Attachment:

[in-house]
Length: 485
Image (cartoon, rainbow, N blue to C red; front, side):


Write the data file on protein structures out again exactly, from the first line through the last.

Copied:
[in-house]
Length: 485
Image (cartoon, rainbow, N blue to C red; front, side):